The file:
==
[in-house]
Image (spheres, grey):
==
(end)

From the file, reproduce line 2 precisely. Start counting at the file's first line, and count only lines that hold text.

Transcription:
Image (spheres, grey):